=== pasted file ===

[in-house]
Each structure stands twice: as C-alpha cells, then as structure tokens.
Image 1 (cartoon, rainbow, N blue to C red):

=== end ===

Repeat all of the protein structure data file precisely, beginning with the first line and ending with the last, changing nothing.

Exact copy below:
[in-house]
Each structure stands twice: as C-alpha cells, then as structure tokens.
Image 1 (cartoon, rainbow, N blue to C red):